The Difference Between Detox and Rehab

One of the most common mistakes people make when trying to recover from drug or alcohol addiction is confusing detox withrehab. Detox is simply the process of stopping your drug or alcohol use in order to stabilize your body and mind, but it’s only the first step in the recovery process. Rehab, on the other hand, requires more than detox in order to treat addiction at its core; you’ll need therapy and support to gain long-term sobriety, which is why it’s important to understand the difference between detox and rehab before trying to get clean.

What is Rehab?

Anyone who’s been through a treatment program knows that not all rehabs are created equal. Whether you’re a recovering drug addict or alcoholic, or you have a loved one with addiction problems, it helps to know what different types of rehab exist so you can find one that will be successful for your specific needs. To help explain, let’s start by defining terms. 

What is rehab? The word rehab is short for rehabilitation—which means helping people recover from addiction or substance abuse by treating their physical dependence while also providing emotional support and professional counseling. But there are different types of rehab programs, so let’s break them down:

Single-day detox: Sometimes called a rapid detox, single-day detox programs provide round-the-clock medical care as patients go through withdrawal symptoms. While they’re considered safe and can be effective in getting patients off drugs quickly, they aren’t widely available because insurance companies often don’t cover them due to high costs. 

Inpatient/residential treatment: Inpatient or residential treatment programs provide a safe place for addicts to live full time as they receive both medical and psychological treatment. They usually last anywhere from 30 days to six months and can be effective in helping people beat addictions—as long as patients stay sober when they leave. Long-term inpatient rehab may not be right for everyone, though, so if you’re considering it, think about whether you would have difficulty abstaining at home.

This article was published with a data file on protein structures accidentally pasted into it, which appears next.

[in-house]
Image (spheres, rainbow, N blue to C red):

Residential Treatment Centers

This type of rehab is in-patient, meaning you stay at a facility while getting treatment. The length of your stay depends on your addiction; however, there are usually 30-day minimums for alcoholism or drug addiction (60 days if it’s co-occurring with other disorders). Often these centers specialize in certain addictions like alcohol, drugs or behavioral health problems. You can also get a substance abuse evaluation to determine if you need to go to a residential treatment center or somewhere else. While these centers often have high success rates depending on what addiction you have, they can be quite expensive—hundreds of pounds per day—and aren’t covered by insurance unless it’s an emergency situation or hospitalization.

Outpatient Programs

Outpatient treatment allows patients to take part in regular everyday activities, like working or taking care of family. Many rehabs also offer services like spiritual counseling or acupuncture, which can help patients cope with withdrawal symptoms. Outpatient programs are available for patients who need help, but don’t require intensive care. Additionally, some outpatient programs only require a few hours of attendance each week, making it easy to continue your work or school routine while still getting necessary treatment.'

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